Periacetabular Osteotomy Improves Pain and Function in Patients With Lateral Center-edge Angle Between 18° and 25°, but Are These Hips Really Borderline Dysplastic?


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Abstract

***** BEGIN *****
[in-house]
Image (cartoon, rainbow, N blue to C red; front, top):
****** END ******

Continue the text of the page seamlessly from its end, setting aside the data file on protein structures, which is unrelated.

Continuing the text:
BackgroundThe treatment of mild or borderline acetabular dysplasia is controversial with surgical options including both arthroscopic labral repair with capsular closure or plication and periacetabular osteotomy (PAO). The degree to which improvements in pain and function might be achieved using these approaches may be a function of acetabular morphology and the severity of the dysplasia, but detailed radiographic assessments of acetabular morphology in patients with a lateral center-edge angle (LCEA) of 18° to 25° who have undergone PAO have not, to our knowledge, been performed.Questions/purposes(1) Do patients with an LCEA of 18° to 25° undergoing PAO have other radiographic features of dysplasia suggestive of abnormal femoral head coverage by the acetabulum? (2) What is the survivorship free from revision surgery, THA, or severe pain (modified Harris hip score [mHHS] < 70) and proportion of complications as defined by the modified Dindo-Clavien severity scale at minimum 2-year followup? (3) What are the functional patient-reported outcome measures in this cohort at minimum 2 years after surgery as assessed by the UCLA Activity Score, the mHHS, the Hip disability and Osteoarthritis Outcome Score (HOOS), and the SF-12 mental and physical domain scores?MethodsBetween January 2010 and December 2014, a total of 91 patients with hip pain and LCEA of 18° to 25° underwent a hip preservation surgical procedure at our institution. Thirty-six (40%) of the 91 patients underwent hip arthroscopy, and 56 hips (60%) were treated by PAO. In general, patients were considered for hip arthroscopy when symptoms were predominantly associated with femoroacetabular impingement (that is, pain aggravated by sitting and hip flexion activities) and physical examination showed a positive anterior impingement test with negative signs of instability (negative anterior apprehension test). In general, patients were considered for PAO when symptoms suggested instability (that is, pain with upright activities, abductor fatigue now aggravated by sitting) and clinical examinations demonstrated a positive anterior apprehension test. Bilateral surgery was performed in six patients and only the first hip was included in the study. One patient was excluded because PAO was performed to address dysplasia caused by surgical excision of a proximal femoral tumor associated with multiple epiphyseal dysplasia during childhood yielding a total of 49 patients (49 hips). There were 46 of 49 females (94%), the mean age was 26.5 years (± 8), and the mean body mass index was 24 kg/m2 (± 4.5). Radiographic analysis of preoperative films included the LCEA, Tönnis acetabular roof angle, the anterior center-edge angle, the anterior and posterior wall indices, and the Femoral Epiphyseal Acetabular Roof index. Thirty-nine of the 49 patients (80%) were followed for a minimum 2-year followup (mean, 2.2 years; range, 2-4 years) and were included in the analysis of survivorship after PAO, complications, and functional outcomes. Kaplan-Meier modeling was used to calculate survivorship defined as free from revision surgery, THA, or severe pain (mHHS < 70) at minimum 2 years after surgery. Complications were graded according to the modified Dindo-Clavien severity. Patient-reported outcomes were collected preoperatively and at minimum 2 years after surgery and included the UCLA Activity Score, the mHHS, the HOOS, and the SF-12 mental and physical domain scores.ResultsForty-six of 49 hips (94%) had at least one other radiographic feature of dysplasia suggestive of abnormal femoral head coverage by the acetabulum. Seventy-three percent of the hips (36 of 49) had two or more radiographic features of hip dysplasia aside from a LCEA of 18° to 25°. The survivorship of PAO at minimum 2 years for the 39 of 49 (80%) patients available was 94% (95% confidence interval, 80%-90%). Three of 39 patients (8%) developed a complication. At a mean of 2.2 years of followup, there was improvement in level of activity (preoperative UCLA score 7 ± 2 versus postoperative UCLA score 6 ± 2; p = 0.02). Hip symptoms and function improved postoperatively, as reflected by a higher mean mHHS (86 ± 13 versus 64 ± 19; p < 0.001) and mean HOOS (386 ± 128 versus 261 ± 117; p < 0.001). Quality of life and overall health assessed by the physical domain of the SF-12 improved (47 ± 11 versus 39 ± 12; p < 0.001). However, with the numbers available, no improvement was observed for the mental domain of the SF-12 (52 ± 8 versus 51 ± 11; p = 0.881).ConclusionsHips with LCEA of 18° to 25° frequently have other radiographic features of dysplasia suggestive of abnormal femoral head coverage by the acetabulum. These hips may be inappropriately labeled as “borderline” or “mild” dysplasia on consideration of LCEA alone. A more comprehensive imaging analysis in these hips by the radiographic features of dysplasia included in this study is recommended to identify hips with abnormal coverage of the femoral head by the acetabulum and to plan treatment accordingly. Patients with LCEA of 18° to 25° showed improvement in hip pain and function after PAO with minimal complications and low proportions of persistent pain or reoperations at short-term followup. Future studies are recommended to investigate whether the benefits of symptomatic and functional improvement are sustained long term.Level of EvidenceLevel IV, therapeutic study.

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